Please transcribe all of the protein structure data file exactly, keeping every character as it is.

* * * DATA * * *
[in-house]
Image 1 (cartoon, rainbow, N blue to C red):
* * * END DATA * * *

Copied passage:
[in-house]
Image 1 (cartoon, rainbow, N blue to C red):